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Inside Washington (11/16/2011)
  • ALEXANDRIA, Va. (11/17/11)--The National Credit Union Administration has rescheduled the closed board meeting originally set for Dec. 15. The meeting is now scheduled for Wednesday, Dec. 14, at 10 a.m. (ET) There are no changes to the open meeting still scheduled for Dec. 15. The revised schedule is available online…
  • WASHINGTON (11/17/11)--The House Financial Services Committee Chairman Tuesday passed a bill that would stop future bonuses at Fannie Mae and Freddie Mac. The measure passed by a 52 to 4 vote. The Equity in Government Compensation Act, ensures that executives and employees of Fannie Mae and Freddie Mac will receive compensation that is in line with pay practices at federal financial regulatory agencies. The bill does not make them Federal employees, but it aligns their compensation with that of Federal employees. The same day Edward DeMarco, the acting director of the Federal Housing Finance Agency, defended the multimillion-dollar compensation packages paid to executives at Fannie Mae and Freddie Mac, before the Senate Banking Committee. But DeMarco also blamed Congress for allowing the conservatorship of the government-sponsored enterprises (GSEs) to drag on so long. Chief executives at Fannie and Freddie receive $6 million in pay each year, even as the GSEs continue to receive millions of dollars in taxpayer support (American Banker Nov. 16). Fannie and Freddie had to pay bonuses to retain the talent required to manage $5 trillion worth of mortgage assets and $1 trillion of annual new business, Demarco said. The compensation packages are modeled after similar plans agreed to for large firms that received aid under the Troubled Asset Relief Program, he noted …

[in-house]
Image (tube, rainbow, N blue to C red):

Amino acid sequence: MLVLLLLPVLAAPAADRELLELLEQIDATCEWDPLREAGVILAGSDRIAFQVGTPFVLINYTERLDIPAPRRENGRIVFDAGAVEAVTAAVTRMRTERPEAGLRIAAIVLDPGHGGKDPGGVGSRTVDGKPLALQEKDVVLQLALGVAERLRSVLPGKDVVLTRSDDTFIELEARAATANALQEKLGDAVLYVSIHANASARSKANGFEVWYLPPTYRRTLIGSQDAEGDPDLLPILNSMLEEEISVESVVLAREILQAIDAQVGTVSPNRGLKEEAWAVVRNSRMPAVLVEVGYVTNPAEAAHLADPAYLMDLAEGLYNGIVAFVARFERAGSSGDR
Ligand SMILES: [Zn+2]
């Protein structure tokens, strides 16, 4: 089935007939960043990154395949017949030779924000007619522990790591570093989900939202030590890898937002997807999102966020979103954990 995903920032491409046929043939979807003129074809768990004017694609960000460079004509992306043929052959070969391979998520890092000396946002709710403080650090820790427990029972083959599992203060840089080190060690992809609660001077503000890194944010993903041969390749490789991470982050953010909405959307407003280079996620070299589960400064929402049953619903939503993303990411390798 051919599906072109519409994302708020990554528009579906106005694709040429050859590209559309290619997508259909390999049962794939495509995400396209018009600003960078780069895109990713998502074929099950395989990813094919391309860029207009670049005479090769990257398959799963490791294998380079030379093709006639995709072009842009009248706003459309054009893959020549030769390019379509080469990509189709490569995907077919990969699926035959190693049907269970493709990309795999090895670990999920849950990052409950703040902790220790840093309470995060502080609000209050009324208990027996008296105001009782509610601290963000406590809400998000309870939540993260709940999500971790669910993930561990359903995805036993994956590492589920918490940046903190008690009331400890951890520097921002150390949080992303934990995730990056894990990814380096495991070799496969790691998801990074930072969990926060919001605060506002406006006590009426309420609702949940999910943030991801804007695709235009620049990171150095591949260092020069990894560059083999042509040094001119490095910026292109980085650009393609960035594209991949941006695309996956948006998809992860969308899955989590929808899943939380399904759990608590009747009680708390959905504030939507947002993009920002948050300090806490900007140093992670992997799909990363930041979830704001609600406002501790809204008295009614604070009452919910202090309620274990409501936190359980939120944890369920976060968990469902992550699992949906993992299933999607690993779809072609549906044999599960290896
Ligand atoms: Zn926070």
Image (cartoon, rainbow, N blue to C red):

• WASHINGTON (11/17/11)--The Government Accountability Office (GAO) on Tuesday announced that the Consumer Financial Protection Bureau's (CFPB) financial statements were "fairly presented in all material respects" and that CFPB "had effective internal control over financial reporting" during its first year of operation. GAO discovered deficiencies involving CFPB's internal controls that were less significant than a material weakness or significant deficiency. The GAO will report the weaknesses to CFPB management in a separate letter …


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